Modeling dynamic stimulation of geological resources

B. W. White, O. Y. Vorobiev, S. D C Walsh

Research output: Chapter in Book/Report/Conference proceedingConference PaperResearchpeer-review

4 Citations (Scopus)


Dynamic loading methods promise new modes for stimulating geological resources, as the fracture patterns they produce can be tailored by the shape and nature of the pressure pulse employed. However, selecting the type of load is a difficult task: Too slow and the stimulatory effect is reduced; too fast and the resource may be negatively impacted by wellbore damage, fines creation or permeability reduction. Moreover, modeling these systems proves challenging due to the myriad of length and timescales involved, combined with the need to accommodate both the generation of new fractures and propagation of preexisting fracture networks. This paper will discuss simulation of dynamic fracture initiation and propagation using Lawrence Livermore's GEODYN-L code. GEODYN-L is a massively-parallel multi-material Lagrangian code that includes advanced contact models to simulate nonlinear wave propagation through heavily-jointed rock masses, along with material model libraries specifically developed to capture the dynamic response of geologic media. We present results using GEODYN-L to simulate dynamic stimulation of geologic resources with pre-existing fracture networks and discuss the implications of these results for enhancing fracture networks with dynamic loading techniques. Prepared by LLNL under Contract DE-AC52-07NA27344.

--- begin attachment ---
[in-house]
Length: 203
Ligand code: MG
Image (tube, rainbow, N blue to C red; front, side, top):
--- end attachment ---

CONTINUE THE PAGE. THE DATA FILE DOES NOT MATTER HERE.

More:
Original languageEnglish
Title of host publication48th US Rock Mechanics / Geomechanics Symposium 2014
Place of PublicationUSA
PublisherAmerican Rock Mechanics Association (ARMA)
Number of pages8
ISBN (Electronic)9781634395236
ISBN (Print)978-0-9894844-1-1
Publication statusPublished - 1 Jan 2014
Externally publishedYes
EventUS Rock Mechanics / Geomechanics Symposium 2014 - Minneapolis, United States of America
Duration: 1 Jun 20144 Jun 2014
Conference number: 48th


ConferenceUS Rock Mechanics / Geomechanics Symposium 2014
CountryUnited States of America

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